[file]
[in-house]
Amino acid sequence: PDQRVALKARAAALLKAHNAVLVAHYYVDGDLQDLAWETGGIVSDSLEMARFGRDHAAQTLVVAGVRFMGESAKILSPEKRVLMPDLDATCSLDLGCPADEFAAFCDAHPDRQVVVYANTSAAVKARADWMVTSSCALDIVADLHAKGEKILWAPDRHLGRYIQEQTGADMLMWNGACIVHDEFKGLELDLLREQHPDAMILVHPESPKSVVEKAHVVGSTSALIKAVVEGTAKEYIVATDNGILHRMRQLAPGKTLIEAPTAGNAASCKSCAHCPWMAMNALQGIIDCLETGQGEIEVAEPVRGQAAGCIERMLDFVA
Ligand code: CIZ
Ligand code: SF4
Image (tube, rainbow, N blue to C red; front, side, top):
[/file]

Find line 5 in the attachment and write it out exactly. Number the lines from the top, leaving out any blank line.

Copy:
Image (tube, rainbow, N blue to C red; front, side, top):